Illegal gun number estimates outdated and misleading

Rachael Oxborrow

An estimation of the number of illegal firearms circulating in Australia hailing from 2012 continues to be bandied about by governments, police and media without alteration a decade later, this despite several firearms amnesties “removing guns from our streets”, firearms trafficking busts and other various seizures associated with criminal activity occurring in this period. The logical assumption is this figure would’ve been impacted by a number of factors during this time.

The reality of the situation is mainstream media and politicians love putting a number to a claim. At a glance a figure can lend credibility and create an emotive response and in the case of putting a number on illegal firearms in Australia, headlines create heightened feelings of shock, drama and alarm.

The number – quoted as 250,000 or 260,000 illegal firearms depending on who you ask – is broken down to 240,000/250,000 longarms and 10,000 handguns and originates from a classified report from the Australian Crime Commission into the illegal firearms market in 2012. The report was ordered by then Minister for Home Affairs Jason Clare, who was responding to a string of shootings in western Sydney and Adeliade and its aim was to create a system to trace the history of illicit firearms and identify points of origin. Details from the report that were made public include:

  • There are more than 2.75 million registered firearms in Australia held by more than 730,000 individual firearms licence holders;
  • A conservative estimate is there are more than 250,000 longarms and 10,000 handguns in the illicit firearms market;
  • Illegal firearms originate from those stolen from licenced owners, firearms not surrendered or registered post-National Firearms Agreement law changes, illegal imports, firearms built or reactivated illegally and firearms dealers acting illegally.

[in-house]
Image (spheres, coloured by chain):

The ACC conducted a tracing analysis of 3186 firearms seized by law enforcement to inform this report which revealed almost half these firearms were not surrendered in the wake of the Port Arthur tragedy and a very minor percentage come from international imports.

The issue we face as law abiding firearm owners is a tendency by the media to link legitimate owners with unlicensed, illegal firearm users. People who have gone through the checks and balances to be granted a licence are being lumped in the same camp as potential criminals, despite the Australian Institute of Criminology time and time again finding it is unlicensed people with unregistered, illegal firearms who are responsible for gun crimes. In almost all cases these crimes are drug, gang and organised crime-related.

Just last year we saw the draconian attitude of our lawmakers towards legitimate licensed firearm owners come to the fore when firearms and ammunition access was severely restricted in some states. The ban – justified by authorities suggesting shooters were stockpiling ammunition and firearms in response to the COVID-19 pandemic – was eventually overturned amid political pressure.

Continuing to use an outdated estimation of illegal firearms numbers undermines work to capture ‘grey market’ firearms not registered or handed in during previous amnesties and efforts by authorities to address criminal activities such as the recent ‘Operation Ironside’ global sting. The SSAA has and always will support evidence-based decision making and measures to combat criminals and their use of illegal firearms. The focus needs to be on the illicit market and legislation which doesn’t necessarily burden the legitimate licensed owner.

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